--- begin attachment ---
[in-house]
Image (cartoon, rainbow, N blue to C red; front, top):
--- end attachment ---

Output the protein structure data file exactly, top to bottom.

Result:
[in-house]
Image (cartoon, rainbow, N blue to C red; front, top):